Telemarketing – Definition

Cite this article as:"Telemarketing – Definition," in The Business Professor, updated October 10, 2019, last accessed October 27, 2020,


Telemarketing Definition

Telemarketing is a marketing strategy that involves directly contacting customers and potential customers by telephone, facsimile or through web-based video conferencing in order to sell products or services. Such direct marketing strategies are also known as “inside sales” or “tele-sales” and are often considered intrusive by the recipients of such communication. Apart from being mostly unsolicited and irritating, telemarketing sometimes also involves attempts to scam or defraud gullible ‘targets’ by unscrupulous individuals or businesses. As a result, there has been considerable public antipathy against such practices. It should be noted here that direct emails and face-to-face meetings are not considered telemarketing.

A Little More on What is Telemarketing 

Besides its most common application of promoting products or services, telemarketing is also used for various other purposes such as raising funds for charity, collecting consumer information, generating sales leads, and carrying out surveys. With the advancements in technology, telemarketing is also widely adopted by political parties across the globe to carry out polls to determine the voting preferences of the populace, especially during election campaigns.

If implemented well, a telemarketing campaign can be quite lucrative. For example, according to statistics provided by the UK’s Direct Marketing Association, the average return on investment (ROI) for UK-based business-to-business (B2B) telemarketing entities was over 1000 percent, with some campaigns achieving ROIs of upto 12,000%.

Classifying Telemarketing Activities

Telemarketing activities can be broadly classified into four subcategories:

  1. Outbound Telemarketing: Outbound telemarketing campaigns directly and proactively reach out to both existing as well as prospective customers.
  2. Inbound Telemarketing: Inbound telemarketing refers to the reception of  inbound customer orders as well as inbound customer inquiries soliciting information about products or services on offer.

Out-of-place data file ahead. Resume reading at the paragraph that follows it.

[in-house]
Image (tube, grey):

3. Lead Generation: Lead generation refers to the gathering of data pertaining to prospective customers, such as customer profiles and contact information , areas of interest and demographic data.
  4. Sales: Sales refers to the act of using persuasion in order to sell a product or a service to a prospective customer. If the actual sales transaction is completed over a phone call, usually through the collection of credit card details over the phone, such an activity is known as telesales.

Telemarketing encompasses various marketing styles and approaches depending on the target customer and/or the product or service on offer. For example, a call to action is purposed to elicit a favorable action from the targeted customer, such as visiting the company/product website. Similarly, telemarketing can be used to schedule more direct communication with prospective customers in the foreseeable future via face-to-face or telephonic appointments. Telemarketing campaigns are also used to conduct surveys aimed at collecting data from specific target consumers for statistical or qualitative research.

Telemarketing Best Practices

When used ethically and judiciously, telemarketing can present itself as an effective marketing tool, especially for small businesses that usually have limited resources for marketing. A telemarketing venture can hope to succeed when it follows certain best practices when contacting existing or prospective customers. Some of these best practices are listed below.